OH! And if you are there on the weekends the Wildlife Center is a must! The staff are so nice, it is by donation to visit so is in everyone’s price range. An astounding display of animals and nature information! You can even hold the snakes and see a bee hive in action.
Older type bathhouses but very clean, stainless steel fixtures. The campground is in two areas but split into about 5 loops. A lot are paved with electric sites, a couple loops are I paved roads and mostly tent sites but very nice! Pretty peaceful place, well patrolled by park rangers!water access in all loops. Outside of camping area are picnic areas and a lovely swimming beach, nice electric only fishing lake!
This is our first trip out this year and the park is lovely. Mainly shaded spots with electric at most. Perfect place to get started with minimal water and dump capacity. Our daughter did use our portable dump cart for her grey water and they had to refill the water by hand but with a 60 gal water tank, we have managed well for 5 days.
Loads of trails to hike and lots to visit. I recommend the Mineral Springs and old cemetery for sure.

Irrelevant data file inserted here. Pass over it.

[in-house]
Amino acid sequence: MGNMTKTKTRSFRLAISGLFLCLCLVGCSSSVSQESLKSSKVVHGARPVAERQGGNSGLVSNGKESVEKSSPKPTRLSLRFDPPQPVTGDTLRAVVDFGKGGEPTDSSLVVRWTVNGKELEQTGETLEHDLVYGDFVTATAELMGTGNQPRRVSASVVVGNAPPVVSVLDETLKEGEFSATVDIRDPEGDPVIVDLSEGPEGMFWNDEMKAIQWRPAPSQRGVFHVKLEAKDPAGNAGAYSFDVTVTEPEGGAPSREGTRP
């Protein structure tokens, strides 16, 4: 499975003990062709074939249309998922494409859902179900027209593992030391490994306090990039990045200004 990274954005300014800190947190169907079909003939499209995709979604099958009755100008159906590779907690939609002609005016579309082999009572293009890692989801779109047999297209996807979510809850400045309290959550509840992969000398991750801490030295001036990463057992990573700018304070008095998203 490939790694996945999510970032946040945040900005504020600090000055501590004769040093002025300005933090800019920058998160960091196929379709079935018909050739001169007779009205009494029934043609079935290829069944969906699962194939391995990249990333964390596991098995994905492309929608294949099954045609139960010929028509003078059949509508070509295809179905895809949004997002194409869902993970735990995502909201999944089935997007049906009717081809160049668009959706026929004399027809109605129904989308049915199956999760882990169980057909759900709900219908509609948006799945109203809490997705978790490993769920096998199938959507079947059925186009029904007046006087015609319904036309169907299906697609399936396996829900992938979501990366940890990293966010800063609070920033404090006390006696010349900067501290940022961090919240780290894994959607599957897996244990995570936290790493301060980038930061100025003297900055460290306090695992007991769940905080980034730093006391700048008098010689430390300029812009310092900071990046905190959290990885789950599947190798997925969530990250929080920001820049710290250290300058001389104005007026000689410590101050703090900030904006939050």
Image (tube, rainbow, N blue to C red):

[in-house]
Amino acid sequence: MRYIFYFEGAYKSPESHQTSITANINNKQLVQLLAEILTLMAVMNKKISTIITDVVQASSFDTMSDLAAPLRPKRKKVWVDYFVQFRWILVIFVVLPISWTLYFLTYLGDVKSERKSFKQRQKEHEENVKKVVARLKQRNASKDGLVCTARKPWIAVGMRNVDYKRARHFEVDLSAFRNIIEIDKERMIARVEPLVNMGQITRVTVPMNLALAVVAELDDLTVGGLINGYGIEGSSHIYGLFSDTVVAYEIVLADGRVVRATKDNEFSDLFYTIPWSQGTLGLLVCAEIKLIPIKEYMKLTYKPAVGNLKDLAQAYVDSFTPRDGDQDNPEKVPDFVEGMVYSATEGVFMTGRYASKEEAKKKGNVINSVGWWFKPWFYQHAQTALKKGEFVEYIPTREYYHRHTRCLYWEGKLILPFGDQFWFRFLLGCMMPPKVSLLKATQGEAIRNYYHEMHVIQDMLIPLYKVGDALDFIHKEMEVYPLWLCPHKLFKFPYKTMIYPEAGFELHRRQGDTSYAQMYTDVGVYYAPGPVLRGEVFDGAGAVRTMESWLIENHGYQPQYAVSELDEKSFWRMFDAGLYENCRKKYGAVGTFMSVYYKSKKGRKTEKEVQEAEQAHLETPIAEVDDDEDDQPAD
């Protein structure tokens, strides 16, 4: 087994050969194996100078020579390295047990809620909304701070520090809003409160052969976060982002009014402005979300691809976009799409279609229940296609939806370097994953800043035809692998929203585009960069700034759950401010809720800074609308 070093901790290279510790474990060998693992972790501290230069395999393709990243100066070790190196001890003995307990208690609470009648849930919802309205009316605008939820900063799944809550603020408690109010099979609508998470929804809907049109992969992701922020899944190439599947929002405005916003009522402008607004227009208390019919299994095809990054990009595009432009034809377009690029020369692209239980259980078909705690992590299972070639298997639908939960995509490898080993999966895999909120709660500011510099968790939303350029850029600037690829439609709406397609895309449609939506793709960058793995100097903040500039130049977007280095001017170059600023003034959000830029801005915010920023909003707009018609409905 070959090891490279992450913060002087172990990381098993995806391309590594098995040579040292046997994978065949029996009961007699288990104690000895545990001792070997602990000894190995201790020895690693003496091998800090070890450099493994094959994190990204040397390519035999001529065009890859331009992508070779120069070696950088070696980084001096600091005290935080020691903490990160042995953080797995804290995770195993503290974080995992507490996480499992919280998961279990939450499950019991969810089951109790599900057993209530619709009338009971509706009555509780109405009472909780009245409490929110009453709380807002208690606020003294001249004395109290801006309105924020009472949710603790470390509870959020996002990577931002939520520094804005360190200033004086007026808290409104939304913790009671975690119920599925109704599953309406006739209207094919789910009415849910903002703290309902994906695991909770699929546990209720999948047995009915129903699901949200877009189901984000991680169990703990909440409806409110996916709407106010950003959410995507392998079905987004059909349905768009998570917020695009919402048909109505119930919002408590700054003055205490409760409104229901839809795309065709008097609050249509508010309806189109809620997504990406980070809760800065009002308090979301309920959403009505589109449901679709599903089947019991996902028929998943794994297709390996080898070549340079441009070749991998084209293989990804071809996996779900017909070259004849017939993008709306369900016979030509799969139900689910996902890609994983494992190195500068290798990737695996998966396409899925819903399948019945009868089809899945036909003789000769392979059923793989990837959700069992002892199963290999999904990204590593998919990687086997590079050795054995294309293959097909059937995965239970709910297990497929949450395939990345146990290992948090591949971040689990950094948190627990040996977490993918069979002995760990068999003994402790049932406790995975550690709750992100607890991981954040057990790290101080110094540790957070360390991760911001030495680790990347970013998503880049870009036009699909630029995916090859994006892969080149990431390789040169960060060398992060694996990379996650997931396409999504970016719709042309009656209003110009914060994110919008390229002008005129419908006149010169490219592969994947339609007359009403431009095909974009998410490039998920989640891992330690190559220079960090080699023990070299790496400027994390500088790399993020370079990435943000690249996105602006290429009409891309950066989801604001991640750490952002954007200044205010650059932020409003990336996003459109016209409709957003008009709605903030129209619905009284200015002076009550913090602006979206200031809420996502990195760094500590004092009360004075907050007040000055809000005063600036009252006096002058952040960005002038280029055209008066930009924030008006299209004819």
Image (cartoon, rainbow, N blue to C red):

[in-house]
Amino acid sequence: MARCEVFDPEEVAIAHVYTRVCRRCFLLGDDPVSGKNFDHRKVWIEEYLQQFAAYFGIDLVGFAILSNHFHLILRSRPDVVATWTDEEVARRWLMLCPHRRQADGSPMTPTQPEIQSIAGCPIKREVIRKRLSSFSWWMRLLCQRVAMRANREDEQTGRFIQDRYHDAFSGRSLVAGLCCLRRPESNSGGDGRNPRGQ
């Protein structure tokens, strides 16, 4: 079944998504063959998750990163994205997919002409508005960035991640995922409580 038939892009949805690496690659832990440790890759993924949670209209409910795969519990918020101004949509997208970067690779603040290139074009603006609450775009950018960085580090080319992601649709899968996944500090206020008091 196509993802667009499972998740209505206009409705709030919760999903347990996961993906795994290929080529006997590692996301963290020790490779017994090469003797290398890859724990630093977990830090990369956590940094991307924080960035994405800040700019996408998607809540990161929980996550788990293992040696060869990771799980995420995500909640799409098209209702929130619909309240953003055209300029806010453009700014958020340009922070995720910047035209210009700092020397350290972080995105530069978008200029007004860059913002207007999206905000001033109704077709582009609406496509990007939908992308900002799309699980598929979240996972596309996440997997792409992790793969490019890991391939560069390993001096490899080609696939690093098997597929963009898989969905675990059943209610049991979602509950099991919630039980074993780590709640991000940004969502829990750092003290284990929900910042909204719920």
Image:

Very nice park . Scenic on way in . Lots were decent size , not real private but our tent set up gave us privacy. We creek walked and hiked. Nice little campground , don’t have any info for rv’ers but for primitive it’s nice. The nature building was open on Saturday and Sunday and was great for our little ones
"Camping is prohibited in the park." (That is directly off the DCNR website.)
I am not reviewing Moraine State Park (which is awesome). I am reviewing the CAMPING options at Moraine State Park. Which brings me back to the DNCR website. It says "No Camping" and "Camping is prohibited in the park. Private campgrounds nearby offer camping."
It DOES list cabins, group tenting, and a backpacking shelter, which is available by reservation only.
But this park is not where somebody looking for CAMPING would want to be.
In the past 5 years, I've made 13 trips to Raccoon Creek State Park and spent 16 nights in a tent there. It is my local state park and I can tell you lots about it.